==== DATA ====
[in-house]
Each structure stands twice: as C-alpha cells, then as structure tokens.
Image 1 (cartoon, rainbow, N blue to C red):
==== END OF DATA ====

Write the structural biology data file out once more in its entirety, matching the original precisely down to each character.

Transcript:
[in-house]
Each structure stands twice: as C-alpha cells, then as structure tokens.
Image 1 (cartoon, rainbow, N blue to C red):